Did you know that skin is THE largest organ in your body? Did you know that skin cancer is by far the most common type of cancer? Skin cancer is an abnormal growth of skin cells and most often develop on areas of the skin exposed to the sun’s rays. It can affect people of ALL races and colors. A person with lighter complexion sunburn easily and have a much higher risk. Approximately 5 million cases are diagnosed in the US, but it is one of the most preventable forms of cancer. People who have dark skin tones often believe they’re not at risk for skin cancer, but that is a very dangerous misconception. According to the Journal of the American Academy of Dermatology, melanoma is more deadly in people of color. Unfortunately, African American patients are more likely to be diagnosed with melanoma in its later stages, have the worst prognosis and the lowest overall survival rate. That is alarming.

Roughly about 90% of non melanoma skin cancers and 85% of #melanoma are associated with exposure to UV rays from the sun. As a disclaimer, I am not a Dermatologist, but as an Emergency Physician (ER Doctor) there are many skin disorders that I see at my Emergency Department daily which I may recommend my patients to follow up with a Board Certified Dermatologist. In honor of Skin Cancer Awareness month, Dr. Michelle Henry dropped some gems on the prevention of skin cancer and how to build your perfect skin on my show “The Visit" Episode #3. 

With summer around the corner, you may be one of the many persons excited about getting the perfect tan and might not realized how damaging ultraviolet (UV) rays are. A tan is a sign that your skin has been injured. If you are exposed to the sun’s UV rays or doing indoor tanning at a salon, your skin has been injured. The more your skin is exposed to these rays, the more the damage builds. The more damage builds, the skin aging process speeds up and increase your risk for all types of skin cancer especially to the most deadliest form of cancer, melanoma. However, skin cancers can develop in areas hidden from the sun. There is no safe way to tan your skin without exposing it to the damage from the sun’s UV rays.

What kind of skin cancer symptoms to look for? A regular examination of the skin for any new or unusual growths, bleeding, itching, changes in size, shape or color of an existing spot is ultimate key to detecting and treating skin cancers. It is important to examine your legs, trunk, arms, face and neck. It is also imperative to look for signs of skin cancer in the genitalia, between the eyes, toes, underneath the the nails, palms of the hands and soles of the feet. If the spot looks odd, please visit your primary care physician or a Board Certified Dermatologist for further evaluation. UV rays are very difficult to avoid. Our skin cells (melanocytes) exposed to UV light produces melanin. Melanin then absorbs this source of light and helps the skin from burning. However, too much skin exposure to UV rays can cause serious damage as mentioned earlier. There are ways to reduce your risk of skin cancer.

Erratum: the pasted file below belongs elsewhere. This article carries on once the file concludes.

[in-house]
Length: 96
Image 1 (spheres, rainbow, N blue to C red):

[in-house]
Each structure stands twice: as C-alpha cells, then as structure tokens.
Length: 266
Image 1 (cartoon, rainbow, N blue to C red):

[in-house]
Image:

• As mentioned earlier, perform regular skin self-exams to detect skin cancer early
  • Between the hours of 10 am -2 pm, the sun’s rays are the strongest. Please seek shade when appropriate.

  • Do your best to wear protective clothing.  Lightweight pants, lightweight long-sleeved shirt, sunglasses and a wide-brimmed hat is great when possible.

  • Please invest in purchasing a water-resistant, broad-spectrum sunscreen with an SPF of 30 or higher. This provides protection from UVA and UVB rays.

  • Apply sunscreen whenever you are going to be outdoors. Make sure to apply enough sunscreen to cover all exposed skin. 

  • It is recommended to apply sunscreen every two hours especially after sweating, exercising outdoors or swimming.

  • Avoid tanning beds…PLEASE?! 

  • Sand at the beach reflects the sun’s rays. This can increase your chance of sunburn. Please apply sunscreen and wear protective eyewear.

  • If you notice a new or unusual spot on your skin, please see a Board-Certified Dermatologist as soon as possible.

Some sunscreens can prevent sunburn, reduce your risk of getting skin cane and help prevent early signs of skin aging. So please do your skin a favor, invest purchasing a sunscreen, wearing protective clothing, eyewear and have a hearty talk with your primary care physician or dermatologist about which ones to use. I am going to make sure that I buy a sunscreen for myself because next week I will be on the beach in Mexico soaking up those UV rays.